How was the actual cross used by the romans for the crucifixion of Jesus Christ? Some texts say that he carried only the “crossbeam” of the Cross and not the True Cross. The Gospel of Mark says that Jesus “embraced” the Cross, which indicates he was carrying the True Cross. This is what our faith believes.
Historically, the records state that culprits carried only the crossbeam or patibulum (strapped across their outstretched arms) and the uprights were permanent at the site of execution.
We are not told specifically how it was done to our LORD.
The words Jesus “embraced” the Cross does not necessarily mean that he couldn’t have been carrying just the crossbeam.
It does not matter if we don’t know those details. He freely gave Himself up for us and suffered excruciating pain.
There’s nothing in Mark - or in the other gospels, for that matter - which states that Jesus ‘embraced’ the cross or how He carried it or even what it looked like. “And they are leading him out to crucify him. And they compel a passer-by – a certain Simon, a Cyrenaean coming from the country, the father of Alexander and Rufus – to bear his cross. And they bring him to the place Golgotha (which is, being translated, ‘skull-place)’, and they were giving him myrrh-mingled wine, but he did not take it. …”
Crucifixion victims are usually spoken of as carrying their own crosses or crossbeams. Here’s a selection of quotes:
Palaestrio: Well, Sceledrus?
Sceledrus: I’m at this job. I so have ears; say what you want.
Pal.: (noting his position) You’ll soon have to trudge out beyond the gate in that attitude, I take it - arms outspread, with your gibbet patibulum] on your shoulders.
Scel.: (still eyeing the door) So? What for?
- Plautus, Miles Gloriosus (“The Braggart Warrior”) 358-360 (Act 2, 4)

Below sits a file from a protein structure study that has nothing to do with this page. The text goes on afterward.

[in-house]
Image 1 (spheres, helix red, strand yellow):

Grumio: Oh, I bet the hangmen will hang you looking like a human sieve, the way they’ll prod you full of holes as they run you down the streets with your arms on a cross bar (patibulatum), once the old man gets back!
- Plautus, Mostellaria (“The Haunted House”) 56-57
Chrysalus: When he shall have found out that he has made his journey thither to no purpose, and that we have misspent his gold, what will become of me after that? I’ faith, I think upon his arrival he’ll be changing my name, and at once be making me Crucisalus (cross-bearer) instead of Chrysalus (gold-bearer).
- Plautus, Bacchides 362
Bearing my gibbet (patibulum feram) I shall be carried through the city; afterwards I shall be nailed to the cross.
- Plautus, Carbonaria, fragment 2
Whoever will want to exact punishment on a male or female slave at private expense, as he [the owner] who wants the [punishment] to be inflicted, he [the contractor] exacts the punishment in in this manner: if he wants [him] to bring the patibulum to the cross, the contractor will have to provide wooden posts, chains and cords for the floggers and the floggers themselves. And anyone who will want to exact punishment will have to give four sesterces for each of the workers who bring the patibulum and for the floggers and also for the executioner.
- Leges libitinariae (De publico libitinae), 8-9